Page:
Proper interventions into essentialist discourses on virginity and female sexuality would consist of the elimination of federal funding for abstinence-only education and organizations which hold purity balls that perpetuate “The Virginity Industrial Complex.” It is imperative to call publicly for the discontinuation of the practice of canonizing female celebrities who identify as virgins and then the slut-shaming of them when naked pictures surface on the internet or ex-boyfriends beg to differ. It is likewise necessary to call shenanigans on conservative politicians who claim that “emergency contraception of the HPV vaccine will make girls promiscuous” (Valenti 11) and “virginity movement” proponents whose catalogues sell shirts emblazoned with “VIRGINS ARE HOT” and “I’M TIGHT LIKE SPANDEX” (Valenti 13). Hypocrisy and double-standards are, incidentally, not hot.


Sex-education (which should be compulsory) for both girls and boys should place the highest emphasis on the importance of emotional, physical, spiritual, and psychological health regardless of gender identification, sexual orientation or activity, or religious affiliation. A world in which people are taught that sexuality is not only not something to be afraid of but also not an all-encompassing marker of personal worth is a world in which the normal changes that come with age are not seen as pathologies which need to be fixed with surgery. Obviously, the fact that religion is at the root of much of these revirginization technologies and the perpetuation of such harmful stereotypes to begin with is tough to deal with, because faith is an important facet of many people’s lives and not something to be easily pushed aside or denigrated. Ultimately, however, the American government is not responsible for the religious lives of its people but for their general health and well-being. I was personally subjected to both an ill-advised and school-endorsed abstinence curriculum in my 10th grade health class- taught by employees of a pregnancy crisis center (the kind that shows women graphic pictures of dead babies when they try to get an abortion)- and a sexuality and lifestyle curriculum with my Unitarian Church group in the 8th grade. I can vouch for the effectiveness of sex education (offered by a faith-based community, no less) that emphasizes personal well-being and knowledge of all the options over scare tactics and purity myths.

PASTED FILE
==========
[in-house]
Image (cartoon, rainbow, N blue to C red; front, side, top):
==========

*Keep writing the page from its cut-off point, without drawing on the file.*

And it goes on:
Valenti, in her chapter called “Post-Virgin World,” offers up blogging as a technological tool for getting involved in media and affecting change. She describes how “ten years ago, if a woman wanted to be a prominent feminist voice, she had to be part of an elite national organization based in New York City or Washington, D.C. Now all she needs is a laptop!” (205). She also recommends paying attention to legislation and policy and speaking out against legislation which unfairly polices women’s sexuality and agency, citing the example of “a Virginia lawmaker named John Cosgrove,” who, in 2005,